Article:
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Residents’ Forum
Homeless Outreach Program: A Resident's Perspective
Psychiatric News
Volume 39 Number 15 page 39-39

FIG1 I started my rotation at the Homeless Outreach Team (HOT) on a very cold Tuesday in January. The HOT clinical program provides case management to the chronic homeless population who live on the streets of the Bronx, N.Y.

Outreach workers and case managers canvass the streets of the Bronx 24 hours a day, seven days a week, providing assistance with basic needs such as food and linkages to mental health, substance abuse, and medical services, with the ultimate goal being placement in permanent housing.

After taking the D train a few stops past Yankee Stadium, I met the program director in the dark basement office of the HOT headquarters.

Following a brief orientation, I was informed that I would be accompanying two case managers in the field to begin immediately seeing clients among the homeless population. Armed with a handful of charts, I was ready to begin. The case managers who rode in the van with me were extremely friendly. As a PGY-3 resident, my heart was beating in anticipation of what was going to happen next. I guess they noticed the perspiration, which defied the cold weather, trickling down my forehead as we approached my first homeless client. They assured me that I would be fine.

The first homeless person we encountered was sprawling on the steps outside the number 5 train station, soaked with his own urine. He appeared guarded when I approached him for the history. Since the case managers were familiar to him, I was able to engage him and establish rapport. Besides being a chronic alcoholic and homeless for 20 years, he had been hospitalized numerous times for schizophrenia. The case manager later told me that this client always presented a challenge because of his inability to complete a short-term detoxification program. The team had taken him to detox programs on many occasions, yet after only a couple of days he ended up back on the streets. Luckily, because of the cold, he agreed to go to the shelter on that day.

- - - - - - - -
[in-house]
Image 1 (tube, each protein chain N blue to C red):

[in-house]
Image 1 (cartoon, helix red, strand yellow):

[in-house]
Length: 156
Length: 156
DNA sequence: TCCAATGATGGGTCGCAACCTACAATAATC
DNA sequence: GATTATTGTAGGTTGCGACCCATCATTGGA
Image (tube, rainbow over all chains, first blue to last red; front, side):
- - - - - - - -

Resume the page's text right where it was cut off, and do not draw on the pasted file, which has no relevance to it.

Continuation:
It doesn't always work that way. Sometimes the case managers have to accept that the client wants to remain on the streets. Client-worker relationships are built gradually on trust and are easily broken if a case manager pushes too hard or too fast.

I asked the case manager if she felt frustrated when homeless clients continually refuse assistance or return to the streets. She said that her reason for doing this job was because she cared and that managing one's own feelings is an essential skill for anyone who works with this population. She quickly added that the outreach team has helped hundreds of people get off the streets and into housing, where they gain stability and are encouraged to re-enter the community as productive members of society.

During my six-month rotation, I learned that there is limited access to appropriate mental health care for the homeless community. The borough has only one dropin center that provides services, and overnight shelters do not have the capacity to provide mental health care.

I also learned that on any given night in New York City, approximately 30,000 people are homeless. An estimated 30 percent to 50 percent of them have mental illness. These individuals typically do not have strong social supports, and their symptomatology precipitates disruptions in relationships that often contribute to homelessness. Such symptomatology can also translate into an inability to seek help.

There is a severe shortage of psychiatrists providing care to homeless individuals. That shortage and the resistance of many homeless individuals to seeking treatment have created an acute problem for providers of homeless services. Psychiatry residency programs have the opportunity to address the shortage by encouraging psychiatry residents to work with homeless individuals early in their career. This would help alleviate the acute shortage and provide a valuable learning experience for residents.

Throughout my rotation at HOT, I was encouraged to focus on the important issues that emerge for psychiatrists working with the homeless. This experience confirms my passion for the well-being and welfare of the homeless population. Without this component in my psychiatric training, I never would have been exposed to such a challenging and "real" setting. This experience added a new dimension to my studies and greatly expanded my perspective. ▪

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